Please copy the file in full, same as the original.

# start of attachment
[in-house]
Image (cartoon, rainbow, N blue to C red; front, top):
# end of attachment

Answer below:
[in-house]
Image (cartoon, rainbow, N blue to C red; front, top):